In today's outrage-driven culture, direct moral chastisement is likely to be met with a bombastic response: "There are two sides! It's not like that!" While hasty, such a comeback is somewhat understandable: introspection, not merely reaction, is essential to a well-ordered conscience, and only a fool uncritically adopts another's moral stance without careful consideration.
That element of careful moral consideration — of shared values and principles that resonate across class and culture — is foundational to effective conversation-shaping cinema. Movies are most transformative when their artistic and thematic messaging is not limited to the causes célèbres of coastal elites (or their critics) but rather strikes chords of universal concern.
For example, Hollywood's messaging is uniquely impactful when the industry turns the heat of its critical spotlight onto itself, interrogating cultural pathologies regarding media, technology, and entertainment (an approach that often leads to assessing trends toward mass surveillance). Pixar's WALL-E mercilessly depicts a world of blobby social media addicts insulated from both interpersonal contact and lived experience. Minority Report portrays a regime of predictive "pre-crime" law enforcement that features psychics onscreen, but with implications that easily translate to current debates over "big data." Truth and Nightcrawler probe the entertainment media's self-destructive hunger for juicy scandals, while Spotlight soberly weighs the cultural ramifications of investigative journalism. These and many other films constitute thoughtful, self-aware critiques of the "media-industrial complex" that has an outsize cultural impact.
By contrast, Hollywood explorations of identity politics have sometimes been less discourse-shaping than sympathizer-bolstering. Its artistic merit aside, Brokeback Mountain was received — and rejected — in many quarters as a deliberate attempt to subvert a traditionally "conservative" genre. By contrast, The Imitation Game provoked no similar backlash, despite exploring similar themes, and Transparent offers a nuanced engagement with complex issues surrounding gender and family.
In short, a thin and often blurry line exists between incisive social critique and blatant moralizing. The best art, however, does not seek to be effective — calculated to elicit a specific action or response — but rather affective: impactful enough to move hearts and minds without slipping into overt didacticism.
Consider, for instance, that whether intentional or not, The Revenant makes a far more compelling case for environmental preservation than does Avatar. Revenant director Alejandro Iñárritu revels in the breathtaking grandeur of his film's arctic landscapes, depicting a world few urbanites will ever encounter. Yet at the same time, no narrative energy must be devoted to criticizing those who exploit the wilderness: the viewer concludes independently that the world is beautiful and ought to be properly stewarded. Conversely, Avatar director James Cameron packs his eco-parable with ham-fisted imagery of apocalyptic devastation, trading contemplation and reflection for direct condemnations of capitalism and colonialism. The former approach appeals to the universal human experience of aesthetic wonder, whereas the second resonates only with those who already share Cameron's worldview.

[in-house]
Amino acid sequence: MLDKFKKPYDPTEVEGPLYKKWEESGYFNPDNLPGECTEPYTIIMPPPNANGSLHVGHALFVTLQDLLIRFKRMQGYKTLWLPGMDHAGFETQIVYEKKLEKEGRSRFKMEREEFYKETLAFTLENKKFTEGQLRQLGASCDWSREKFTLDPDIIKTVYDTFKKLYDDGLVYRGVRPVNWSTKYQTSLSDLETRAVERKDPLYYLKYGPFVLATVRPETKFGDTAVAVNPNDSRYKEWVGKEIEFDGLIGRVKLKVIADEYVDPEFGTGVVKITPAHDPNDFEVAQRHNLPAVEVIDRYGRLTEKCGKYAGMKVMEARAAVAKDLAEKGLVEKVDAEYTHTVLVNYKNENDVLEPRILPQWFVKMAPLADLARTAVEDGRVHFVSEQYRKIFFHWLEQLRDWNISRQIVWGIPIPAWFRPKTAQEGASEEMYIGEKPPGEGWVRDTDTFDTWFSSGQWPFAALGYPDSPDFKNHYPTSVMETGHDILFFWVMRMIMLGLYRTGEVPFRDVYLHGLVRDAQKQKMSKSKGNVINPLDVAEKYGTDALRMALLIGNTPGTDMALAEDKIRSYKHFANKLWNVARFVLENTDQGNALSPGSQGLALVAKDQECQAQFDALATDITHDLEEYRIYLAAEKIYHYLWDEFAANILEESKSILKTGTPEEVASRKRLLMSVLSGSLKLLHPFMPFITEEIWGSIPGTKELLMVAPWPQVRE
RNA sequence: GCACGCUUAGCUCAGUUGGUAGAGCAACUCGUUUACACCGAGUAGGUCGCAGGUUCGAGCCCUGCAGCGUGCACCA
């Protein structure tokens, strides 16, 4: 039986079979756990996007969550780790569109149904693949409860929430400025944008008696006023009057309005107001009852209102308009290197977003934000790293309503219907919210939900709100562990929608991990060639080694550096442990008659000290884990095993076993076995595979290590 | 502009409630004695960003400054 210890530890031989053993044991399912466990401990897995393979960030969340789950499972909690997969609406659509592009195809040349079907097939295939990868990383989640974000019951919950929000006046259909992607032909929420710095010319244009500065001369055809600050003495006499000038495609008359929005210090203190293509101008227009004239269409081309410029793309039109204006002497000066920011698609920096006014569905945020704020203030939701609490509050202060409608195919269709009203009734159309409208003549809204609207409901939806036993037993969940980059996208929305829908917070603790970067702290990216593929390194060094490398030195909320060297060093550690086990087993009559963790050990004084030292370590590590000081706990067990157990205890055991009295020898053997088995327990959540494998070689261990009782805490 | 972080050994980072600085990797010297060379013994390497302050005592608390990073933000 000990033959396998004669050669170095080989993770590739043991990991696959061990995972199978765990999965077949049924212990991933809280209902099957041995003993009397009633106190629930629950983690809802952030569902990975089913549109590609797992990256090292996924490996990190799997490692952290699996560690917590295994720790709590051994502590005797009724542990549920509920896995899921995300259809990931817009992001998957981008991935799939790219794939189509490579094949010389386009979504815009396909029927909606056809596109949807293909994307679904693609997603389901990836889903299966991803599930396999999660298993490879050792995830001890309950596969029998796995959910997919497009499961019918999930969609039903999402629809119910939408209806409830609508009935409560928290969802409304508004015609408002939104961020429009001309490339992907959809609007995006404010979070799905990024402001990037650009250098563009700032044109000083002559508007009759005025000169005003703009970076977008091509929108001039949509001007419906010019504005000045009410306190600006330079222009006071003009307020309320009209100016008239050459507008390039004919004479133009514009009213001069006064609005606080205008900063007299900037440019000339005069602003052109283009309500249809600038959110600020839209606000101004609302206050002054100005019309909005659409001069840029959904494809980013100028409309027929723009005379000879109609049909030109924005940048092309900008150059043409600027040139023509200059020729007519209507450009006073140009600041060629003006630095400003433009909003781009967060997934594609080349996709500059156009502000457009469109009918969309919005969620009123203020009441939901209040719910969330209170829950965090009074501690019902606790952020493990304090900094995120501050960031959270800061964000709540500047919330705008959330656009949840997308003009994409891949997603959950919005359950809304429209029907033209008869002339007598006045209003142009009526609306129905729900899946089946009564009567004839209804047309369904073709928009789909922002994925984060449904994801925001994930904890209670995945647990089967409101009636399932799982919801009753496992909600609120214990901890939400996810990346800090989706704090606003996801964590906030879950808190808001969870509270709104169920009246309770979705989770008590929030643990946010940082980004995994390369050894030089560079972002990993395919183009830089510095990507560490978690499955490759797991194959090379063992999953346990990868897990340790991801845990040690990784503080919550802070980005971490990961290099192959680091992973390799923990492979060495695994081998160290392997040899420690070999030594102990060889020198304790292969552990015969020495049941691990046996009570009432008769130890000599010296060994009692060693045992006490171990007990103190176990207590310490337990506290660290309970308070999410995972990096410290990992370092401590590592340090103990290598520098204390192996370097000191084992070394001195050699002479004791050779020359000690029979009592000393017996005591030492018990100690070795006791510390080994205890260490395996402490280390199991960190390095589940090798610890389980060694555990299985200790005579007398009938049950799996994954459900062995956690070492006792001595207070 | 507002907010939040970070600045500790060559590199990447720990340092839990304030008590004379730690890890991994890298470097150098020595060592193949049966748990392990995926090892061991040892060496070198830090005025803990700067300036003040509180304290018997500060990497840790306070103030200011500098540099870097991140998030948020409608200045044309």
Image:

This year's Straight Outta Compton is another effective example of such affective filmmaking. As a white viewer born and raised in suburban America, I was wholly unaware that the ever-controversial "gangsta rap" genre developed in the shadow of the Rodney King affair. Compton thus helps the viewer understand the undercurrents giving rise to the current state of race relations in America, without needing to make its point overt. The film engages its audiences' faculties beyond mere emotion, compelling serious reflection on its subject matter.
Beginning the movie-making process with the goal of promoting some form of social justice compromises both art and impact: technical merits aside, message movies like An Inconvenient Truth or Facing the Giants preach only to their respective choirs. Such overtness co-opts the viewer into the filmmaker's enterprise, making audience participation (or outrage) an essential element of the artistic project. Accordingly, such a work is fundamentally incomplete in itself: its significance exists not in the values it epitomizes, or in its intrinsic beauty, but only in the short-term response it provokes. Well-made art inspires transformation, but does not consciously work to spark it.
Lectures are soon forgotten. But stories linger.